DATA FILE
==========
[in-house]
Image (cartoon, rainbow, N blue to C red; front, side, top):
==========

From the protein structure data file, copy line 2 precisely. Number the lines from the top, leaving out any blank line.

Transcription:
Image (cartoon, rainbow, N blue to C red; front, side, top):